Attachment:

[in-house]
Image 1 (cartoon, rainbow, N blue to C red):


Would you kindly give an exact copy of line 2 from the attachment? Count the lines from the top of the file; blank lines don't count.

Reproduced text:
Image 1 (cartoon, rainbow, N blue to C red):